The negative impact of sudden riches

The rapid discovery of a large amount of wealth, as occurred often in California during the gold rush, did not always contribute to the betterment of the discoverers. When a well-respected member of a party mining along Carson Creek in 1848 died his friends set out to give him a proper and respectful funeral. A miner from nearby who had been a prominent preacher before coming to California was brought in to preside. And after the mourners assembled and had ‘drinks all around’ they proceeded solemnly to the grave site that had been dug some one hundred feet from the camp. Here the body was lowered away and the preacher began an impromptu and rather long-winded prayer that went on and on to the point that some of the mourners began to sift through the loose earth thrown up from the grave. The sudden excitement among those here to grieve their friend caused the preacher to stop his elegy and when he saw for himself what caused the stir he exclaimed, “Gold! Gold! And the richest kind of diggings. This congregation is dismissed.” The body of the poor dead miner was pulled from his grave and buried elsewhere and the preacher and the mourners wasted no time in prospecting the area and staking out a claim to their new diggings.

San Francisco Speculators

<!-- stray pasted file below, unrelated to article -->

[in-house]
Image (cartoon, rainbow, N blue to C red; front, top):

Soon after the Americans took over San Francisco a young couple arrived from St. Louis. They bought several lots at a cheap price, started a business and had several children, but a short time later the husband died. The widow then took her children and moved to a mining camp along the North Fork of the American River where she thought her prospects would be better. Since she couldn’t sell her real estate when she left she considered it worthless and forgot about it. In the mines she met and married another man and together they had a good gold claim, a productive store and a prosperous boarding house. Then a visitor came from San Francisco and told her about fortunes now being made in real estate there. And when the woman discovered the new value of her property she realized she and her husband were extremely rich. They promptly sold their claim and businesses in the mining country and left for San Francisco where they also sold some of her property for a huge profit. With this new found wealth the couple booked passage to New York. There they stayed in the finest hotels and lived the life of the rich and famous. By the time they got back to San Francisco they discovered that there was as high-toned a lifestyle here as in New York and they continued to spend money like they had an unending supply. But when a sudden, and not too uncommon, downturn in the price of San Francisco real estate reduced them to poverty, the husband killed himself. The wife died soon after, making orphans of their children.


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